Sunshine, Swimming, and Structure: Diving into Summer Routines

As parents, most of us love the idea of summer vacation. We can sleep in. There’s no homework to supervise or nag about. We can enjoy the outdoors (barring any thunderstorms). And we can be more lenient about things like bedtime and routines.


But when reality sets in and summer finally starts, constant family togetherness can bring about sibling fights, boredom, and a tendency to spend way too much time in front of the TV and computer.


Even though summer is a time to relax and let loose, routines can help things run more smoothly.


I like to structure our days by breaking them down into morning and afternoon activities. Because it’s the summer and you can be more laid-back, it’s ok to actually schedule TV-watching and computer games into your day. I just try to make sure we don’t spend the entire day in front of a screen and that we move our bodies at some point.


You can also plan activities according to the days of the week. For example, swimming on Mondays, cooking on Tuesdays, library on Wednesdays, and so on.


Take some cues from camp and do arts and crafts, go on field trips, and institute a quiet time or reading hour.


One of your activities could be brainstorming a list of things to do. Write everything down even if it seems unrealistic. You want to get your kids’ creative juices flowing. You can always go back to it later to discuss the practicalities.


Here’s the list of activities my daughters and I came up with one year:


brainstorm list


After we made our list, we very democratically voted and narrowed it down to our top five choices for the day. We had a pajama dance party/karaoke party in the morning, followed by art and ballet lessons. After lunch, we got pedicures at a nail salon.


summer structure


That day ended up being very busy and hands-on for me. But of course, you don’t need to entertain your kids every second of the day. Boredom often inspires creativity. When your kids complain that they’re bored, resist the urge to react or offer a million suggestions. Simply say something like, “Hmm, that stinks. I can’t stand it when I’m bored. What are you going to do?” Let them use their imaginations and solve their own dilemma.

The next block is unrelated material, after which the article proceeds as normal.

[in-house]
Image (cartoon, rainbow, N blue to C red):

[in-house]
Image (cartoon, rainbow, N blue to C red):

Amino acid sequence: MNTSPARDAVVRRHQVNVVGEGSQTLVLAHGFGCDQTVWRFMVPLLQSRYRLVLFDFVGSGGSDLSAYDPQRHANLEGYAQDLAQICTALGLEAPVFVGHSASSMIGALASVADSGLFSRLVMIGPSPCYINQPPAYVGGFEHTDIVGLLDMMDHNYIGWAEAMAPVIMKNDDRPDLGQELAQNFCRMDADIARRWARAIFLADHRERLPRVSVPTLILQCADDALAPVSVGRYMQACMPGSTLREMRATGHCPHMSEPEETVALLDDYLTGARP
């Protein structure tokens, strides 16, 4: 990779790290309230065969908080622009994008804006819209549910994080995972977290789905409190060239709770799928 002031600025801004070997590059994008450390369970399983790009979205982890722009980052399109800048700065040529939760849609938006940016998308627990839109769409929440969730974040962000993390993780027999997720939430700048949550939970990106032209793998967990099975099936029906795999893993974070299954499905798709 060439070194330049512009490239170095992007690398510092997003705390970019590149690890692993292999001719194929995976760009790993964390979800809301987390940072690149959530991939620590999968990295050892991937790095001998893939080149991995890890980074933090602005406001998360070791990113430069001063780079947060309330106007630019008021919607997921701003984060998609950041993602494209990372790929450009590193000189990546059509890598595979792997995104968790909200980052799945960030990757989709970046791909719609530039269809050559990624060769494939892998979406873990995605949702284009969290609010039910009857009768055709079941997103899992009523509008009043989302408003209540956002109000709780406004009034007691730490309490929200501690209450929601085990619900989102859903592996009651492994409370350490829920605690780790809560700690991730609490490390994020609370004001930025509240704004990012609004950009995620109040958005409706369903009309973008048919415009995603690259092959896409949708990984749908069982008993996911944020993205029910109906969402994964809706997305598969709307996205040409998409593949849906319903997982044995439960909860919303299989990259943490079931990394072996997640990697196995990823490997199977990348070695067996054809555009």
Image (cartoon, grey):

Now, I’d like to hear from you. Leave a comment and tell me how you’re going to add structure to your summer this year.


Summer’s also a great time to schedule a FREE mini-session with me to see how I may be able to support you with your family or individual goals. Click here to get a spot on my calendar.

Showing 4 comments
  • jojoebi

    Totally get this! I love to kick back over the summer but everything goes so much better with a bit of planning 🙂

  • Kelly - Project Me

    I’m a huge fan of laid back summers, but 100% agree that a small bit of planning ahead really helps!

    My kids create a similar kind of list called their Not Bored Board. You and your girls have a super fun list there. ENJOY!! 🙂

    • Pam Howard

      Thanks, Kelly! I love the Not Bored Board. So clever.

  • Kristy Goodwin

    Pam, I love the idea of your 3 s’s for summer. Sounds like fun! Totally agree that kids thrive off structure but also benefit equally from boredom.

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